Bikers' Positive Impact
COLUMBIA - While some businesses say the bikers had little or no affect on their profits, at least one business says it had a positive impact.
Kim Perry, owner of the Mississippi Fish Shack, said she had about a 200 percent increase in profits from the National Bike Rally.
"We were just swarmed with bikers and it was awesome. It did a great business for us."
When asked why she thought she made a profit when others did not, she said she took initiative by heading out to where the bikers were and handed out fliers. She also came up with a special just for the bikers and once they came in, she said she treated them like family. The feeling spread to the locals that came to dine, too.
"A lot of my local customers came in and got to meet them. There was a lot of hand-shaking going on."
There were also a lot of picture taking, autographing and cooking. Perry took over 100 pictures. She also collected more than 200 autographs and said she fixed so many sweet potatoes that she didn't want to see anymore for awhile.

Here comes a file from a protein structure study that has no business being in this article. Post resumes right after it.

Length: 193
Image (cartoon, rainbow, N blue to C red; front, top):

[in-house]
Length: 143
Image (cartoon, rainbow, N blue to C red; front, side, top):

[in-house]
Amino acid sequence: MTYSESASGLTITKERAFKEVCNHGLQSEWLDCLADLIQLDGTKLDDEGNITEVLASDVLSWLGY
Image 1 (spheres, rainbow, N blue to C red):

"Everybody was so professional, so nice. I didn't have any problems whatsoever," Perry said.
One of her servers, Joy Jackson, agreed, "They were very nice guys and tipped real good."
"A lot of people have a misconception about bikers they think they're rough and mean, everybody that came through my door was awesome," Perry said.
The poster boards that were signed are hanging up in her restaurant now, and she plans to keep it that way -- even when she moves to a new location on Ash and Stadium.
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